The firemen who dealt with the recent fire at the historic George Hotel in Rye High Street were thanked at Monday’s special town council meeting.
The meeting had been called to discuss the George fire as well as the council’s current finances and Mayor making next year.
At one point though it seemed as if more members of the public would be present than councillors as a significant number of councillors could not be there – as indeed could any representative from The George.
Reporting on the fire, East Sussex Fire Brigade (ESFB) incident commander Dan Channon said the fire had been contained, and stopped from spreading further, before the aerial platform arrived from Hastings (and not Brighton, as some rumours had suggested).
Local householders had not been informed about the fire, he said, because there was no need to evacuate them and they were actually safer inside their houses, rather than out on the street, in case of falling debris.
He commended the hotel staff for their swift evacuation of the building and said it was fortunate that there was another hotel immediately available to which they could be moved.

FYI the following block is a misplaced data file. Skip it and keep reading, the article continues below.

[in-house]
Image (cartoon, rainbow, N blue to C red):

Police Sgt Dave Sands said parking was not an issue because of the early morning timing of the fire which meant the High Street was completely shut. He could not comment on police availability but said there had been a death at Camber coinciding with this incident.
It was pointed out though that fire officers can move parked cars if absolutely necessary. However parking has proved a problem to emergency vehicles in the past.
In 2014 badly parked cars in East Street and Church Square blocked firemen trying to reach the Hope Anchor Hotel. On that occasion it was a false alarm, but Mr Channon said a fire at the Hope Anchor would be challenging.
Anthony Kimber, who chairs the local emergency group REACT, also commented that access to some parts of Rye would be problematic.
When thanking the firemen again for their efforts the Mayor commented that “it could have been a hell of a lot worse” and Anthony Kimber said “more work was needed on learning lessons from the fire” and that he would be speaking to Rother District Council (RDC).
A major emergency in the town, which might involve floods rather than a fire, could require a lot of people being evacuated to temporary or permanent shelters in or away from the town (possibly involving the RDC and East Sussex County Council (ESCC)) and, while in this case it was quickly known that The George’s guests could be moved to the Rye Lodge, neither the RDC or the police were conspicuously present at the incident.
A further follow-up meeting seems likely as more information emerges about the damage caused by the fire and how the hotel may be restored.
The fire appears to have started in a kitchen unit and spread rapidly because of the age, design and construction of a historic building , and there is no evidence of a lightning strike, said the Fire Brigade spokesman
Image Credits: Rye News library .